Mobile photography has made huge strides in a short time. We have this great powerful device in our hands or pockets now with all the extra tools and software needed to capture, edit and distribute our images in an extremely efficient and flexible manner. These devices output high enough quality images for commercial stock applications — provided the person looking through the viewfinder understands the fundamentals of what makes an image work.
The keys to taking better mobile photos are the same fundamentals that apply to taking a picture with a pro SLR or any other camera. Photography is Photography: the tools may be different but the factors that make an image great are the same regardless of the box that captured it.
With that said, a mobile device is a different kind of box, and takes some getting used to. Here are our tips for taking better mobile photographs.
Understand how your mobile phone camera works and get familiar with its limitations. Yes, it has limitations. Typically these cameras have a limited shutter-speed range and a fixed aperture, so major in-camera exposure adjustments are made by adapting the ISO. The good news is that there are apps to help get around or hack your mobile camera's limitations.
The right apps can help you overcome the limitations of your device.
Camera+™ and Camera Awesome™ (Apple® iOS only) have grid tools, levels, image editing and great controls for exposure and focus. They give you robust filters and interfaces for quickly uploading and sharing your images to social media sites.
Editing apps like Adobe® Photoshop® Express, Photoforge, and NIK® Software's SnapSeed (iOS / Android) give great control and effects.
Slow Shutter can create dreamy long-exposure effects like flowing streams and evening hour light trails, while keeping the high ISO noise to a minimum.
Always save your images at the highest possible resolution and make copies before you apply any filters. Some apps won't let you go back. Don't lose good shots to impulsive filter decisions.
Your final image will always be better if you get the exposure right in-camera: this is just as true with a mobile camera as a DSLR. Even with all the great editing apps and filters available, exposure fundamentals remain the same. Get it right in-camera then play with it afterwards.
Small sensor cameras need light! Use the sun, get in the shade, use a piece of paper to bounce light, wait for the right light, use a flashlight or another mobile phone screen as a light source — make use of your existing knowledge to get the best light. Be patient.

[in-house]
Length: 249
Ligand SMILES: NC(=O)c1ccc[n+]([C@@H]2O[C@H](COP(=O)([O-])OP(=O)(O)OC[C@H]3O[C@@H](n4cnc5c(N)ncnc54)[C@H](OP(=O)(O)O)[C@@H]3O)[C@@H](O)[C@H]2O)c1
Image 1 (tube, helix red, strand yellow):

Use your mobile phone camera flash as a last resort — it's as bad if not worse as the one on your old Nikon Coolpix.
Again, use the knowledge and skills you already have. Mobile photographs are well-composed for the same reasons as any other photographs:
Use objects in the foreground to frame the main subject and give depth to your shots. Shoot through windows, mirrors, other objects — framing provides context and adds interest.
Look for different angles and viewpoints to add interest to your composition. Don't be afraid to get down on the ground or climb a ledge for a bird's eye view. Your camera is way smaller now — take it places.
Get close and focus on the small details, or go wide and give more context and sense of place.
Play with Apps: tilt-shift effects, distortion, and selective focus/blur can add cool variety.
Black & White compositions work in mobile for all the same reasons they do in other photography:
Always save the full-color original and re-import a copy for your black & white version.
Sometimes things happen quickly and you need to react instantly to get the shot — without getting quite enough time to compose. So shoot wider than you need and crop. The resolution of phone cameras gets higher and higher with each generation. There are a lot of pixels, so focus on getting the shot using a full-frame app like Camera+, then edit later.
When you have the time for careful composition, the right crop can change or enhance the context of an image.
Try cropping to a square (like Hipstamatic / Instagram) to add focus to the main subject.
If you are a gear-head, there are more than enough gadgets out there to make you happy:
The advantage of digital photography is that we have unlimited film and instant feedback. The advantage of mobile digital photography is that the camera fits in your pocket. Just shoot it — happy accidents and defining moments happen all the time.
A lot of people get excited about the possibilities offered by mobile technology. As with any new tech though, there are skeptics. Some of you may have prepared the following rant:
I'm a professional with professional gear that cost a lot of money and I invested a lot of time into mastering it and now you're telling me to go play with toys why the h*ck would I waste my time I mean this is real business serious stuff not Angry Birds what are you trying to tell me anyway?!?
Yes, the expensive professional gear you spent time mastering is a valuable asset to you as a professional photographer. In many cases your 5dMKII is the right tool for the job.
But it is your eye, mind, and skill that make you a professional, not your gear. What we're saying is: your mobile device can be a tool for stock production. It isn't necessarily going to replace any of your other tools, but it is an option.
What we're saying is: play, experiment, and see what kinds of images these tools lend themselves to. Take advantage of the intimacy and spontaneity of your mobile device. Have fun taking pictures.
When you take high-quality camera phones, combine them with sophisticated social media apps and put them in the pockets of nearly every human on the planet, what you get is a whole new way of documenting history. And cats.